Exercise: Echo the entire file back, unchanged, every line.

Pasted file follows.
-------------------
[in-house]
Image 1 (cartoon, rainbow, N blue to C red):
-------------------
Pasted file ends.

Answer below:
[in-house]
Image 1 (cartoon, rainbow, N blue to C red):